Less than two months after ground was broken on a new home for a larger Marion Public Library, its board has fired the library director without public explanation.
In a special meeting Nov. 18, the board met in private — citing the possibility of litigation — to discuss Library Director Hollie Trenary, records of the meeting show.
Six of the nine library trustees then voted to terminate her $102,000-a-year contract “for no just cause” — meaning she will be paid two extra months of salary and insurance benefits, according to her contract, than if members had been able to make a case for a justified firing.
“I’m sad and heartbroken,” Trenary told The Gazette, declining further comment.
Deputy Director Kelly Dybvig is now acting director, according to Marion Communications Manager Amber Bisinger. The trustees will determine future steps at upcoming meetings.
City officials declined further comment, citing policy against discussing personnel matters.
Board President Sally Reck, who meeting records show opposed the termination, also declined to comment.
The library now has seen three directors in the past five years as it has struggled with changing plans to expand and meet a growing demand from the community. In 2016, former director Doug Raber retired after five years. In 2017, Elsworth Carman was hired as director but soon after was named director of administrative services for Marion before leaving and becoming director of the Iowa City Public Library in 2018. Trenary, who began that same year, previously was operations manager for the Cedar Rapids Public Library.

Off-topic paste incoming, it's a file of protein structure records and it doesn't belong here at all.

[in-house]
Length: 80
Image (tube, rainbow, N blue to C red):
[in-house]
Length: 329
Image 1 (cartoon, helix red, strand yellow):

A new Marion library, which is being built across 11th Street from the current building, which has housed the library since 1996, will cost an estimated $18 million.
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The new library project broke ground Oct. 1 and currently is under construction, closing off a portion of 11th Street.
The city finally settled on the site for the new building after abandoning the ideas of tearing down the existing library and building a new one on the same site; or including a library within the Marion Square Plaza redevelopment plan.
Both of those ideas were scrapped and the current plan was chosen in June 2019 under Trenary’s tenure.
The Marion Public Library building was closed permanently after its roof sustained damage from August’s derecho. The library lost about 20 percent of its collection in the storm and has been operating out of temporary locations and will continue to do so until the new building is complete.
The next library board meeting is set for Dec. 14.
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